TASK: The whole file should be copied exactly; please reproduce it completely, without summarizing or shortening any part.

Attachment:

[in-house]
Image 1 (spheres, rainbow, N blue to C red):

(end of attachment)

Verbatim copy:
[in-house]
Image 1 (spheres, rainbow, N blue to C red):